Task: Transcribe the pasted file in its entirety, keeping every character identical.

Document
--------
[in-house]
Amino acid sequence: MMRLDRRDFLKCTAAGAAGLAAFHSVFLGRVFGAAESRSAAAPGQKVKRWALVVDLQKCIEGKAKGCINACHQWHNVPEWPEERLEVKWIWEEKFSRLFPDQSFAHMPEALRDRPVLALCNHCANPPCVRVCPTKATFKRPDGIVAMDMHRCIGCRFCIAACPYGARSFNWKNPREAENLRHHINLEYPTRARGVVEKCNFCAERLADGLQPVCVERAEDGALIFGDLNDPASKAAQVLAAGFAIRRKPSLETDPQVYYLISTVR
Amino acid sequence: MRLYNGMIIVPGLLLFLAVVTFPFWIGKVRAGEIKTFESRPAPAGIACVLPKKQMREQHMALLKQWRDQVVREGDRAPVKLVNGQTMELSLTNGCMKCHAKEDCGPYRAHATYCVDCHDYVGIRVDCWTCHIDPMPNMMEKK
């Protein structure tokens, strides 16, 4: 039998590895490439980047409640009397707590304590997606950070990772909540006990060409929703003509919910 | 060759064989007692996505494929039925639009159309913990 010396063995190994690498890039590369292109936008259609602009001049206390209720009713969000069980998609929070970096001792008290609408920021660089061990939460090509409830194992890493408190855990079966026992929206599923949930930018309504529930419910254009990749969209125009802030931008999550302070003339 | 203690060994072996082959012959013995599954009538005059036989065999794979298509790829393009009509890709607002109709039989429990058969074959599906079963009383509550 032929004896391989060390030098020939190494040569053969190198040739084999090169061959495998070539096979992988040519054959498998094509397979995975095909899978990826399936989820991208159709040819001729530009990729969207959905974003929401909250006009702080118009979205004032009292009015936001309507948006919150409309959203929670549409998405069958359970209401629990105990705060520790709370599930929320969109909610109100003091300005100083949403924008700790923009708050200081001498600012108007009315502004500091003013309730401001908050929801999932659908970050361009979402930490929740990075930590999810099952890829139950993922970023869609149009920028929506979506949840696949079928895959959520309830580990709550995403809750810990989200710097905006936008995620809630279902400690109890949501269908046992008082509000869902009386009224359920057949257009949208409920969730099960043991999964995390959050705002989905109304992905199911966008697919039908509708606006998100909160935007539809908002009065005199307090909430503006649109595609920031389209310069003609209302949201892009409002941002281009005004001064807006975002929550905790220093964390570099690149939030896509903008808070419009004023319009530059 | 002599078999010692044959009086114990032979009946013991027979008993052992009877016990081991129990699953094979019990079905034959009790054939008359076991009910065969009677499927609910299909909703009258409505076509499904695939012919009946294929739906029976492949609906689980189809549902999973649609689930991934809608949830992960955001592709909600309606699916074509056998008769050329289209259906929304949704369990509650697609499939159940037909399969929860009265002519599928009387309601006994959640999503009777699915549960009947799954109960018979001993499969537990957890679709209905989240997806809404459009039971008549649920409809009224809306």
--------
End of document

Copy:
[in-house]
Amino acid sequence: MMRLDRRDFLKCTAAGAAGLAAFHSVFLGRVFGAAESRSAAAPGQKVKRWALVVDLQKCIEGKAKGCINACHQWHNVPEWPEERLEVKWIWEEKFSRLFPDQSFAHMPEALRDRPVLALCNHCANPPCVRVCPTKATFKRPDGIVAMDMHRCIGCRFCIAACPYGARSFNWKNPREAENLRHHINLEYPTRARGVVEKCNFCAERLADGLQPVCVERAEDGALIFGDLNDPASKAAQVLAAGFAIRRKPSLETDPQVYYLISTVR
Amino acid sequence: MRLYNGMIIVPGLLLFLAVVTFPFWIGKVRAGEIKTFESRPAPAGIACVLPKKQMREQHMALLKQWRDQVVREGDRAPVKLVNGQTMELSLTNGCMKCHAKEDCGPYRAHATYCVDCHDYVGIRVDCWTCHIDPMPNMMEKK
């Protein structure tokens, strides 16, 4: 039998590895490439980047409640009397707590304590997606950070990772909540006990060409929703003509919910 | 060759064989007692996505494929039925639009159309913990 010396063995190994690498890039590369292109936008259609602009001049206390209720009713969000069980998609929070970096001792008290609408920021660089061990939460090509409830194992890493408190855990079966026992929206599923949930930018309504529930419910254009990749969209125009802030931008999550302070003339 | 203690060994072996082959012959013995599954009538005059036989065999794979298509790829393009009509890709607002109709039989429990058969074959599906079963009383509550 032929004896391989060390030098020939190494040569053969190198040739084999090169061959495998070539096979992988040519054959498998094509397979995975095909899978990826399936989820991208159709040819001729530009990729969207959905974003929401909250006009702080118009979205004032009292009015936001309507948006919150409309959203929670549409998405069958359970209401629990105990705060520790709370599930929320969109909610109100003091300005100083949403924008700790923009708050200081001498600012108007009315502004500091003013309730401001908050929801999932659908970050361009979402930490929740990075930590999810099952890829139950993922970023869609149009920028929506979506949840696949079928895959959520309830580990709550995403809750810990989200710097905006936008995620809630279902400690109890949501269908046992008082509000869902009386009224359920057949257009949208409920969730099960043991999964995390959050705002989905109304992905199911966008697919039908509708606006998100909160935007539809908002009065005199307090909430503006649109595609920031389209310069003609209302949201892009409002941002281009005004001064807006975002929550905790220093964390570099690149939030896509903008808070419009004023319009530059 | 002599078999010692044959009086114990032979009946013991027979008993052992009877016990081991129990699953094979019990079905034959009790054939008359076991009910065969009677499927609910299909909703009258409505076509499904695939012919009946294929739906029976492949609906689980189809549902999973649609689930991934809608949830992960955001592709909600309606699916074509056998008769050329289209259906929304949704369990509650697609499939159940037909399969929860009265002519599928009387309601006994959640999503009777699915549960009947799954109960018979001993499969537990957890679709209905989240997806809404459009039971008549649920409809009224809306």